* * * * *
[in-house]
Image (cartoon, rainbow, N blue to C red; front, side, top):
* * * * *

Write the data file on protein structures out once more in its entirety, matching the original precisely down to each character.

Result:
[in-house]
Image (cartoon, rainbow, N blue to C red; front, side, top):